New Zealand First is rebooting with two reviews being conducted into what went wrong at last year’s election and the party’s constitution.

The old caucus, including Tracey Martin and Jenny Marcroft, who recently ended their membership with the party, gathered at Shane Jones’ annual Waitangi party in Kerikeri last night.

Leader Winston Peters was there in a rare public appearance since the party was knocked out of Parliament, but kept mostly out of sight sitting to the side of the main gathering keeping a low profile.

It was a much more low-key affair in general, with only MPs who had personally been invited in attendance.

Nobody from the National Party was there, nor was the Prime Minister, who has attended previously.

The Greens’ co-leader James Shaw made the list, as did a number of Labour MPs including David Parker, Kelvin Davis and Willie Jackson.

Peters’ path back to Parliament

New Zealand First went from kingmaker at the 2017 election, putting it in a position to negotiate with both National and Labour, to goneburger at the 2020 election after only gaining 2.6 percent of the vote.

Former MPs and members of the party have raised questions since the disastrous result as to what went so wrong during the campaign.

Covid-19 and the alert level restrictions, including the delay after a second Auckland lockdown, worked against New Zealand First – a party that traditionally relies on big town hall meetings and gatherings to electioneer.

One former MP described it as New Zealand First spending too much time governing, and failing to spend the time necessary to get re-elected.

Since then the party has set up two sub-committees to take a “warts-and-all” look at New Zealand First’s downfall.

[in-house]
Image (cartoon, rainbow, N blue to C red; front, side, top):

One is reviewing the entire election campaign up until the results rolled in, while the other is taking a wider look at the party’s constitution.

Both of those reviews will be tabled at a New Zealand First convention to be held in Auckland on June 19-20.

The full membership will be invited and the “plaster will be ripped off’’ Newsroom was told.

Former MP Darroch Ball, who was on the bus during the two-month campaign slog with Peters, is the new party president.

He told Newsroom the party’s reboot will be led by the grassroots members, whose commitment to the party had continued in strength since last year’s defeat.

If New Zealand First can regroup and return to Parliament in 2023 it wouldn’t be the first time.

Peters and his party were short of the votes necessary in 2008 and spent three years in the wilderness rebuilding before returning in 2011 with 6.5 percent of the vote.

Peters will be 78 by the time the next election rolls around but all signs are pointing to him staying with the party and taking a lead role in the comeback fight.

Jo Moir is Newsroom's political editor.

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